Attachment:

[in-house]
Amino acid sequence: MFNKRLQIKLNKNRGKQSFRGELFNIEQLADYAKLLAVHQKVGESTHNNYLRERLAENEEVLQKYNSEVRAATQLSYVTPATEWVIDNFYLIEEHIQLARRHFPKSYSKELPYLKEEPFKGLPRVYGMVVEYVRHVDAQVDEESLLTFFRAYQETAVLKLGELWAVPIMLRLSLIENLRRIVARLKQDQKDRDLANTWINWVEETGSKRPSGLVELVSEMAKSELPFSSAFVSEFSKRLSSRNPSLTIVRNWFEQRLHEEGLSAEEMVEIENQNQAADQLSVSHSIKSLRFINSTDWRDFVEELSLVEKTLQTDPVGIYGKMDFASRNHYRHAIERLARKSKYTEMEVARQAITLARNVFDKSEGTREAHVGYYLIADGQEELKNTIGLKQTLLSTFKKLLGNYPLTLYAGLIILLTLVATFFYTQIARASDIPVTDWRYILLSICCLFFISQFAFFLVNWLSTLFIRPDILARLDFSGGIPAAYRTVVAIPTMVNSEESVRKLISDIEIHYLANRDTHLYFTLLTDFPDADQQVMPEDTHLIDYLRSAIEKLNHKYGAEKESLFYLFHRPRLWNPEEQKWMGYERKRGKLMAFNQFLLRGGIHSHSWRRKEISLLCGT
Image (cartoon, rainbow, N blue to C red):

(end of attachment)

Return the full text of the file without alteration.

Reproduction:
[in-house]
Amino acid sequence: MFNKRLQIKLNKNRGKQSFRGELFNIEQLADYAKLLAVHQKVGESTHNNYLRERLAENEEVLQKYNSEVRAATQLSYVTPATEWVIDNFYLIEEHIQLARRHFPKSYSKELPYLKEEPFKGLPRVYGMVVEYVRHVDAQVDEESLLTFFRAYQETAVLKLGELWAVPIMLRLSLIENLRRIVARLKQDQKDRDLANTWINWVEETGSKRPSGLVELVSEMAKSELPFSSAFVSEFSKRLSSRNPSLTIVRNWFEQRLHEEGLSAEEMVEIENQNQAADQLSVSHSIKSLRFINSTDWRDFVEELSLVEKTLQTDPVGIYGKMDFASRNHYRHAIERLARKSKYTEMEVARQAITLARNVFDKSEGTREAHVGYYLIADGQEELKNTIGLKQTLLSTFKKLLGNYPLTLYAGLIILLTLVATFFYTQIARASDIPVTDWRYILLSICCLFFISQFAFFLVNWLSTLFIRPDILARLDFSGGIPAAYRTVVAIPTMVNSEESVRKLISDIEIHYLANRDTHLYFTLLTDFPDADQQVMPEDTHLIDYLRSAIEKLNHKYGAEKESLFYLFHRPRLWNPEEQKWMGYERKRGKLMAFNQFLLRGGIHSHSWRRKEISLLCGT
Image (cartoon, rainbow, N blue to C red):